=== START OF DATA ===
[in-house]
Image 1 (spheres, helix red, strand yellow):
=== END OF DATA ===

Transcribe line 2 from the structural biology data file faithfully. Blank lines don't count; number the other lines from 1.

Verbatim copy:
Image 1 (spheres, helix red, strand yellow):